Following the release of “Cry on the Shoulder of the Road”, the final single from Wild Angels, Martina McBride made a couple of guest appearances on other artists’ records. The first was “Still Holdin’ On”, a duet with Clint Black (written by Black with Matraca Berg and Marty Stuart) that peaked at #11. The second was a guest vocal on “Valentine” by adult contemporary/New Age pianist Jim Brickman, which reached #3 on the adult contemporary chart. Both tracks were included on Martina’s next album, 1997′s Evolution, a project which saw her moving further away from traditional country sounds in favor of slicker, more heavily layered production. The album, which Martina co-produced with Paul Worley, was the most successful of her career, selling more than three million copies in the US. It opens with a clip of a home-recording of a seven-year-old Martina singing Little Jimmy Dickens’ “I’m Little But I’m Loud” before moving on to more contemporary fare.
Though her albums had sold quite well up to this point, Martina’s success at radio had been very hit or miss. Evolution was the turning point for her as far as singles success is concerned. Disregarding the Clint Black and Jim Brickman collaborations, the album’s first single was “A Broken Wing”, which became her second #1 hit in early 1998. The gospel-flavored mid-tempo number found her once again telling the story of an abuse victim, although this time around the abuse was psychological rather than physical. Whether the victim escaped or committed suicide at the end of the song is open to interpretation.
Meanwhile, “Valentine” has been enjoying some unsolicited airplay on country radio, prompting RCA to release a more countrified version to country stations. The single version, which contains a prominent pedal steel guitar track, is not the version that is found on the album. It reached #9 on the country singles chart. Though criticized by some for its Hallmark-esque sentiments, it is a pretty song that I quite like.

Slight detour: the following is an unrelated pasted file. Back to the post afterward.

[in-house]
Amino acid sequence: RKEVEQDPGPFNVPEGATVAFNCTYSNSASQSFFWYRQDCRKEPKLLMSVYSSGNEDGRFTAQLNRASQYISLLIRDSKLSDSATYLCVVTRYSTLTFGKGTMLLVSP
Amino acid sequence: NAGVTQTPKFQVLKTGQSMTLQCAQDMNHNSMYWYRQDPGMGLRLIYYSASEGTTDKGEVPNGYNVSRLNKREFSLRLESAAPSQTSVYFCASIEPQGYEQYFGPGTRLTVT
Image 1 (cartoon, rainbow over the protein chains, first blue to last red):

Up to this point, Martina had never had more than two Top 10 singles from the same album. She managed to break the cycle of two hits followed by a few misses when “Happy Girl”, a Beth Nielsen Chapman and Annie Roboff composition, landed at #2. It is actually one of the album’s weakest tracks and my least favorite. I greatly prefer the next release, “Wrong Again”, a beautifully performed ballad and one of the finest singles of Martina’s career, which made it all the way to #1. The album’s final single, “Whatever You Say” is more in the power-ballad vein. Though it is probably the album’s most heavily produced track, Martina knocks it out of the park. The tune finds her confronting an uncommunicative lover, and giving him an ultimatum. It just missed the chart’s top spot, peaking at #2. Sara Evans contributed to the backing vocals on this track.
As far as the album cuts go, there is much to like and not much filler, though “Keeping My Distance” and “Here In My Heart” are on the weak wide. My favorite among the non-singles is “One Day You Will”, a Richard Leigh co-write with Shane Teeters, that is spiritual without being overtly religious. Not commercial enough to release to country radio, I think this song could have found success on the Contemporary Christian charts.
Despite its pop leanings, I think that Evolution contains some of Martina McBride’s best work. Like most country artists who enjoy a degree of crossover success, she would eventually go too far into pop territory (with her next album as it so happens), but with Evolution she managed to find that delicate balance that allowed her to expand her horizons without alienating her country fans. With the exception of Timeless, it is her last truly great album. It is essential listening for Martina McBride fans, and easy to find if you’ve managed to miss hearing it up to this point.